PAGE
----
For they have sown the wind, and they shall reap the whirlwind: it hath no stalk: the bud shall yield no meal: if so be it yield, the strangers shall swallow it up.
Even as I have seen, they that plow iniquity, and sow wickedness, reap the same.
But this I say, He which soweth sparingly shall reap also sparingly; and he which soweth bountifully shall reap also bountifully.
Be not deceived; God is not mocked: for whatsoever a man soweth, that shall he also reap.
For he that soweth to his flesh shall of the flesh reap corruption; but he that soweth to the Spirit shall of the Spirit reap life everlasting.
For whatsoever a man soweth, that shall he also reap
The first and most obvious lesson that the scriptures teach us about sowing and reaping is that there is a cause-and-effect relationship between the two. “What you sow is what you reap” seems so obvious that one can hardly believe it needed to be said even once, though the scriptures repeat this message numerous times.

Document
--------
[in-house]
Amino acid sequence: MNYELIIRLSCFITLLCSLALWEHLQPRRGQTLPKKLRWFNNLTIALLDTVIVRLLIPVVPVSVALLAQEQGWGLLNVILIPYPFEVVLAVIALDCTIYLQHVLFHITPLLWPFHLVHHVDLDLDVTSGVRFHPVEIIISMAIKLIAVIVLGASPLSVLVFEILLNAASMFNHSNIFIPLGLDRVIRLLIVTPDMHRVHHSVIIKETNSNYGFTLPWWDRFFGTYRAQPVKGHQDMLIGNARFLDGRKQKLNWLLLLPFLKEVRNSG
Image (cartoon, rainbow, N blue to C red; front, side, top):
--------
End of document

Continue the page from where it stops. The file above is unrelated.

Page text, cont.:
Yet I’m sure we all can think of times where we did something bad, hoping to somehow avoid the negative consequences that always follow. Though the principle “sow what you reap” held true for everyone else, we were going to be the exception.
Many times we talk about having faith in good. We say to trust that good works bring good rewards. But sometimes I think we need to have faith in the bad as well. We need to have a faith that doing bad things is just going to let us down…every time.
The bud shall yield no meal: if so be it yield, the strangers shall swallow it up
For he that soweth to his flesh shall of the flesh reap corruption
Notice that these scriptures allow for the phenomenon of people sowing unwisely and still appearing to be gratified for a time. Perhaps their bud will yield, perhaps they will reap flesh. But sometimes the curse is in the getting. Just ask the Israelites (Numbers 11:32-33).
Often this world puts a delay between action and consequence, but that does not mean the link of cause-and-effect is broken. Play the long game and hedge your bets on the truth that every good deed will be rewarded sooner or later.